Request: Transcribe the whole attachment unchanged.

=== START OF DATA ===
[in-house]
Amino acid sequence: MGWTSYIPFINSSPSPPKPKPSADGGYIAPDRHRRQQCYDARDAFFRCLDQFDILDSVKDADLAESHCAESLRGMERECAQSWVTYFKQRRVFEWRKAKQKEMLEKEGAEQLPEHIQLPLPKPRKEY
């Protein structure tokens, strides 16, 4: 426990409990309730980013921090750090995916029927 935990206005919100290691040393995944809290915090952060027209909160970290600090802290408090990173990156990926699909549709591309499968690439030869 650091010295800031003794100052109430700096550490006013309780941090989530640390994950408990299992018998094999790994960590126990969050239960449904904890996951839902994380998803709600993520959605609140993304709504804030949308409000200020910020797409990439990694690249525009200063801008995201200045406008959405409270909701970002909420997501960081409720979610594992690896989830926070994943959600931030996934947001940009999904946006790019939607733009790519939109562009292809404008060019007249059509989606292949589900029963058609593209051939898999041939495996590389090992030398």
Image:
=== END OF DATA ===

[in-house]
Amino acid sequence: MGWTSYIPFINSSPSPPKPKPSADGGYIAPDRHRRQQCYDARDAFFRCLDQFDILDSVKDADLAESHCAESLRGMERECAQSWVTYFKQRRVFEWRKAKQKEMLEKEGAEQLPEHIQLPLPKPRKEY
């Protein structure tokens, strides 16, 4: 426990409990309730980013921090750090995916029927 935990206005919100290691040393995944809290915090952060027209909160970290600090802290408090990173990156990926699909549709591309499968690439030869 650091010295800031003794100052109430700096550490006013309780941090989530640390994950408990299992018998094999790994960590126990969050239960449904904890996951839902994380998803709600993520959605609140993304709504804030949308409000200020910020797409990439990694690249525009200063801008995201200045406008959405409270909701970002909420997501960081409720979610594992690896989830926070994943959600931030996934947001940009999904946006790019939607733009790519939109562009292809404008060019007249059509989606292949589900029963058609593209051939898999041939495996590389090992030398």
Image: